Know this – I am not a fan of gratuitous profanity. Even an angry character can get over the top if you write too much “fuck you, you fuckin’ piece of fuckin’ shit motherfucker.” Even for Tony Soprano. Or when it just doesn’t work. I watched Gone Baby Gone a couple of months ago. Casey Affleck and Michelle Monaghan are completely unconvincing when they try to get ghetto with the bad guys or even between themselves. You can tell “motherfucker” and all of its nuances are lost on Affleck when he tries to deliver it. In cases like that, not everybody needs to swear. If it doesn’t work, it doesn’t work. If it’s too much or out of place/character punt it.

I recently posted something written after a character had been through an angry scene. That attitude spilled over into what I had written that came after the anger episode and I hadn’t shifted gears for the character. I posted it, read it and immediately hit edit. He was mad earlier, okay. He got over it, no need for him to sit on the beach with someone who hadn’t pissed him off going all fuck this and fuck that and here a fuck, there a fuck everywhere a fuck fuck. Right? Scene and characters require tone, and language imparts both character and tone. Stylistically, as a person who attempts to write, I don’t want to tell you who my characters are, I want them to tell you. Sometimes they have to cuss, but not always.

Lets go back to the 13-year-old girl and “muherfuher”. She’s coming out of anesthesia. She’s uninhibited, angry, confused and heartbroken by doctors that she believes have ruined a certain part of her life. She has an ex Rosie the Riveter grandmother she adores and a 6’ 4” super jock older brother. Her ears aren’t virginal and that’s how she feels at the moment. There are other times when in her persona of class role model she starts to use “shit”, catches it on the way out and corrects herself. In one role she is the epitome of good girl. Off the clock as herself she just wants someone she can talk to, be with, be herself around. Show that person with some depth, with her closeted anger, without altering her vocabulary and it becomes my word as a writer against hers as a character. I don’t belong in there and she becomes what I say she is, not who she says she is. I stand by her usage because in that instance “muherfuher” works. She does not sit down to eat take out barbeque with her parents, as delivered by her should-be boyfriend, and say “One’a y’all motherfuckers wanna get yore thumb outta yore ass an pass the fuckin’ Tabasco?” Time and place. Knowing when and how to use motherfucker. Motherfuckers.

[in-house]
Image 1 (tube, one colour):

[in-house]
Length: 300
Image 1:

One of my top two favorite authors, Barbara Park, received criticism for her 5-year-old character’s grammar. One critical example – “Let your children read these `Junnie (sic) B.’ peices (sic) of work and then spend months unlearning the poor grammar it teaches.” Also – “Words fall short to describe this genre of writing — not only is the language abysmal, but as a parent of young, impressionable children, I find it rather detrimental to their psyche and behaviour (sic). For our children’s sake, do not endorse these books; rather boycott them entirely.”